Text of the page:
*As FG negotiates with UK over threat of sanctions
*Government, not lawmakers can impose sanctions – Onyeama
By Chesa Chesa and Emma Okereh
Nigeria has reached out to the United Kingdom (UK) government to present its own side of the story concerning the threat by the latter’s parliamentarians to sanction officials indicted in the brutal suppression of recent #EndSARS protests.
This is despite dismissing the threats of sanctions as inconsequential by the Minister of Information, Lai Mohammed.
Speaking with the State House Correspondents in Abuja yesterday, the Minister of Foreign Affairs, Mr. Geoffrey Onyeama, affirmed that the lawmakers were not responsible for imposing sanctions, but that Nigeria still found it necessary to privide the British government with Nigeia’s position to ensure a balanced perspective.
He said: “The UK government has been briefed. There was UK Parliamentarian meeting and UK government, which acts for the United Kingdom has also heard the side of the (Nigerian) government regarding everything that happened.
“So, we have been in touch with them and engaging with them. As in every democracy, members of parliament are also able to air their view.
“What is important is that balanced picture is made available to them before they take any decision.”
On the meeting the presidency held with governors and stakeholders from the South-East over #EndSARS protests, Onyeama said that it was agreed by the stakeholders to create a Victims’ Fund to compensate the victims of the violence.
He added that they agreed “to engage more systematically with the youths to address the agitations as a result of #EndSARS and come up with a number of proposals in that context to see better funding of the police and other security agencies as a way to achieving the right goal in addressing the security offices”.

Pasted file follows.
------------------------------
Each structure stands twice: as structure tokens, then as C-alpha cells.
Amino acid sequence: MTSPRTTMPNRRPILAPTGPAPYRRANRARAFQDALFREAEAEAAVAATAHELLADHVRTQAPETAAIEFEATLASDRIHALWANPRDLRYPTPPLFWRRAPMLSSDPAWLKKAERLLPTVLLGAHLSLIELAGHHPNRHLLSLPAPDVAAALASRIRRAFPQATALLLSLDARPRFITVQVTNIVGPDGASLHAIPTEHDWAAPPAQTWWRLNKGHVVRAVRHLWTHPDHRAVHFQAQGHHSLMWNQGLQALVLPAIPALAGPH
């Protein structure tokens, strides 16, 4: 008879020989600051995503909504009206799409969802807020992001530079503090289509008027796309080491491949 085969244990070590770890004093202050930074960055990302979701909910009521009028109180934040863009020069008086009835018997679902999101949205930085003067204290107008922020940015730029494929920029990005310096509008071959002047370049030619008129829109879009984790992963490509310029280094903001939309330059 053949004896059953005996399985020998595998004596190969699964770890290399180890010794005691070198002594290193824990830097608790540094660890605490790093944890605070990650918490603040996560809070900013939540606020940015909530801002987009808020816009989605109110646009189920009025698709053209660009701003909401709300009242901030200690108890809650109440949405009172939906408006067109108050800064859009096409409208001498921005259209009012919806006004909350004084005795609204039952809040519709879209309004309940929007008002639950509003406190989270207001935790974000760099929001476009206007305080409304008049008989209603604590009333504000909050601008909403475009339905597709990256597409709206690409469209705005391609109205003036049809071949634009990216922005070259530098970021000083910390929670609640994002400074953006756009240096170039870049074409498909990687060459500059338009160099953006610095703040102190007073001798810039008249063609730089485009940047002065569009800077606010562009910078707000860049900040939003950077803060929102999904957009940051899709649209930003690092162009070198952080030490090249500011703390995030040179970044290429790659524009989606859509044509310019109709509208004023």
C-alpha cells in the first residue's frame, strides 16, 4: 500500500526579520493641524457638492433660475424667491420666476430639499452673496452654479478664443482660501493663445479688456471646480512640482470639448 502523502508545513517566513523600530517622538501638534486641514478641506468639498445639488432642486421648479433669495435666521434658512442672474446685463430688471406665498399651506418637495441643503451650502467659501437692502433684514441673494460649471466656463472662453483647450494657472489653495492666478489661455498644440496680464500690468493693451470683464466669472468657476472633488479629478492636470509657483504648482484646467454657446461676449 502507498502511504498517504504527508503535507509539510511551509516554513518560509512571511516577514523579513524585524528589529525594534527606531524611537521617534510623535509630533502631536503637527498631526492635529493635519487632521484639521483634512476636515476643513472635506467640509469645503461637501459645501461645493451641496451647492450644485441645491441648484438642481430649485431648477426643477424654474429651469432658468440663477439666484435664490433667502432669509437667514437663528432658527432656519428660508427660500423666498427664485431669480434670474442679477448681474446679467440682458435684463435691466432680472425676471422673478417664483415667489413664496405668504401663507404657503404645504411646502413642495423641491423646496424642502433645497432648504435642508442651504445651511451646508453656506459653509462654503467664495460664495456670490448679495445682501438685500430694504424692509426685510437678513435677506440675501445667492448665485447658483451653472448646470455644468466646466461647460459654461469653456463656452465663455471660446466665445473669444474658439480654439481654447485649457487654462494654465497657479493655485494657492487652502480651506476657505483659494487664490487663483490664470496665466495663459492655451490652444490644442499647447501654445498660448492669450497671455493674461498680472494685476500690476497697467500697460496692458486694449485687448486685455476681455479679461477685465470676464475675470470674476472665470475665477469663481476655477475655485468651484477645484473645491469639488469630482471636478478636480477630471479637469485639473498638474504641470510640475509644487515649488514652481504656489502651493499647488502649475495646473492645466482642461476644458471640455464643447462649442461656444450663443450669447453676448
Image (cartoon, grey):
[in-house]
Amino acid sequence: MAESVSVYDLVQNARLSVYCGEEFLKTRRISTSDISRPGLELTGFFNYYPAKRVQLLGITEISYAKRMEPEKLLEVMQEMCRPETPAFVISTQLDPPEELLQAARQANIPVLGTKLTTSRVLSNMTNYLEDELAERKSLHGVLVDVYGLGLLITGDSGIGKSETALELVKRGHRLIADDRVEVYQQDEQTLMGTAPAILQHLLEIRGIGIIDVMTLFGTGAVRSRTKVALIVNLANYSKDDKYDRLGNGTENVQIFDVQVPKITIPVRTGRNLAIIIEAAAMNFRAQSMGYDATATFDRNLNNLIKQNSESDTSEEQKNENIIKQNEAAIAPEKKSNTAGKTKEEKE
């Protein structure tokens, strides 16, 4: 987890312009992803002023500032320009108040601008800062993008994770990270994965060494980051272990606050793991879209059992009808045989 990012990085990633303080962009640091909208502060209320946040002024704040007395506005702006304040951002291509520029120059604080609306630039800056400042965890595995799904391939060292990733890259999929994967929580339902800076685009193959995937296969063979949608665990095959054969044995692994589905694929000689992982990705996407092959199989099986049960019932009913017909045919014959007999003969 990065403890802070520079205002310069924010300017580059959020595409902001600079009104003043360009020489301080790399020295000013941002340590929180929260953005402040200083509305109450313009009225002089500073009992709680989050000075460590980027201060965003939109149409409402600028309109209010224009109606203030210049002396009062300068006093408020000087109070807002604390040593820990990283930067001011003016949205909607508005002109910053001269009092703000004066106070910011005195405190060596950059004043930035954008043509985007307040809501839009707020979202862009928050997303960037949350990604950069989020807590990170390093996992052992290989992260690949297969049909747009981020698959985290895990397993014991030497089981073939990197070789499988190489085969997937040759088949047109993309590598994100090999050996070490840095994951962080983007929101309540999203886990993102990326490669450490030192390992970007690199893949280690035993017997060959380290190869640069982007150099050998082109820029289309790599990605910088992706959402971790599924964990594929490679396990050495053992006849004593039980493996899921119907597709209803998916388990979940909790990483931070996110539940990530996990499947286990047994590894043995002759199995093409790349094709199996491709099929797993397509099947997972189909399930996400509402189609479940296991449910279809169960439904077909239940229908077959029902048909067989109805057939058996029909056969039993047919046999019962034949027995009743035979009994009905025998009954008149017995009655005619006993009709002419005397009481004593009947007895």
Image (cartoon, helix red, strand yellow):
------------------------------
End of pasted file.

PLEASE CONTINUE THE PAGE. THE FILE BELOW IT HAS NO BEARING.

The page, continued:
According to the Minister, “they were also very keen to ensure and guarantee the safety of all Nigerians living within the zone and also thanked other parts of the country for assuring the safety of people from the South-East living in other parts of the country.
“They said they would set up a mechanism for constant dialogue with the youths and all the other stakeholders in the sub-region.
“They appreciated very much that the enabling environment also had to be created so that the root causes of some of the agitations could be addressed, and of course, some of the enabling environment include getting the economy back on track and they were supportive of the initiative of Mr. President in that regard.
“So, all in all, it was an initiative the grassroots welcomed. They said it was the first time the Federal Government was engaging with the youths.
“Two days later, another stakeholders meeting was organized by myself where all the Presidents-General from Enugu State were invited, in addition to youths and traditional leaders.
“The discussions looked at larger issues of the country, governance issues and steps that could be taken to as it were stabilize the polity and to build a framework for peace, stability and development”.
*Nigeria not afraid of sanctions from UK – Lai Mohammed
Also speaking on the sanctions, Nigeria’s Minister of Information and Culture, Lai Mohammed, said government is not in any panic mode over the demand for sanctions by the UK lawmakers.
On Monday, UK lawmakers debated the alleged human rights abuses during the #EndSARS protests in Nigeria and demanded sanctions against government officials and security agents who were involved in the act.
Such sanctions could include visa ban, freezing of assets and stopping the funding and training for members of the Nigeria Police Force.
The debate was sequel to a petition started by Silas Ojo, which garnered over 200,000 signatories.
Responding on behalf of the UK government, the MP for Aldridge-Brownhills, Wendy Morton, who is also the Minister at the Foreign, Commonwealth and Development Office, said the UK government was communicating with the President’s Chief of Staff, Prof. Ibrahim Gambari, and the Lagos State Governor, Babajide Sanwo-Olu, on the matter.
“It is a long-standing practice not to speculate on future sanctions as it could reduce the impact of the designations,” Morton said.
However, reacting to the development during a chat on NTA on Wednesday, Mohammed said: “We earlier stated that government all over the world who took hasty decisions about Nigeria on this issue should please seek the truth.
“If the decision of any government all over the world is based on fake news, it is very risky.
“It brings me to the issue of the UK parliament resolution. We are not panicking at all as a government for two reasons – the resolution of the UK parliament is not the decision of the country and no serious government will take a decision such as imposing sanctions based on fake news.
“This is why we are advising foreign countries to seek the truth and beware of fake news. The entire #EndSARS protest was fuelled by fake news.”